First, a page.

3.5m-year-old fossil unveiled in Sterkfontein caves

Paleoanthropologist Ron Clarke discovered the fossil, now named Little Foot, at the cradle of humankind.

Paleoanthropologist Ron Clarke during the unveiling of the fossil of the 3.5-million-year-old woman who had been buried deep in the caves of Sterkfontein. Picture: Katleho Sekhotho/EWN.

JOHANNESBURG - Wits University has unveiled the fossil of a woman buried deep in the caves of Sterkfontein for almost 3.5 million years ago.

Paleoanthropologist Ron Clarke discovered the fossil, now named Little Foot, at the Cradle of Humankind.

The fossil is significant as it’s one of the most complete skeletons found in southern Africa and one of the oldest.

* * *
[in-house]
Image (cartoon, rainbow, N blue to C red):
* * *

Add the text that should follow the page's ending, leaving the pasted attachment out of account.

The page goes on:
Clarke has revealed the complete assembled fossil of the 3.5-million-year-old woman called Little Foot.

WATCH: Wits unveils Little Foot

Clarke says the woman’s feet were found first and it took him and his team almost 20 years to excavate all the bones of the Australopithecus.

“The other foot was found on the other side. This was dramatic because we expected to find the whole skeleton just lying there. We began excavating but it was in very hard natural concrete.”

Clarke says he refused to listen to the voices of detractors, who he says wanted him to reveal the fossil prematurely.

He says this is a significant moment in his career.

(Edited by Zamangwane Shange)